Lately, I find that my relationship with my monopolist cable/internet-service provider resembles that between the Marathon Man and his dentist. Comcast mistreats me, but is also the only relief for my pain. My most recent non-anaesthetized molar drilling came last week when I was waiting at home during a 8:00 a.m.-12:00 p.m. repair window. I needed to be at work no later than 10:00, so I had requested that the guy come as early as possible, which was noted on my account. But around 9:30, there was still no cable guy. When I called Comcast dispatch, I was told that my technician wasn't due to come on duty until 10:00 a.m.
Enraged, I called customer service to ask why I had been asked to spend two hours waiting for a person who was never intending to arrive during that time. Their response: dispatch shouldn't have told me he wasn't due in until l0:00. They rescheduled my appointment for Saturday 8:00 a.m.-12 p.m. with a note to please come as early as possible.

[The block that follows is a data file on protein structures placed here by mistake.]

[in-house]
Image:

At 10:00 a.m. I received a call from a courteous technician, who apologized for being late, referring to the note on my account requesting early service. But, he explained, he doesn't come in until 10:00 a.m.
Short of ditching Comcast for satellite, which I am now prepared to explore, I feel pretty hamstrung here. In fact, the more I complain, the more paranoid I become that dispatch will put notes in the margin of my account like "Woman on the edge. Two screaming kids. Noggin channel isn't working. Save Ҵil 11:59."
With no other clear recourse, I am turning to the blog to put a name to this type of consumer treatment. From here on out, I invite you to brand this type of behavior—wherever you may encounter it—with its own verb: "To comcast," defined as "To knowingly waste someone's time at no expense or risk to yourself."
For example, "My doctor always comcasts me. He schedules my appointment for 1:15, but the son of a bitch plays golf until 2:00," or "Credit card companies are always comcasting you. When you call customer service, a recording asks you to enter the 16 digits of your card number, but as soon as the first available representative comes on the line, she asks for it again, as if you hadn't just done it." To comcast is a transitive verb with irregular declension. Past tense: comcassed, e.g. "I got comcassed at the DMV again."
I encourage you to inculcate this verb into your everyday language and to please post any other good examples of comcasting.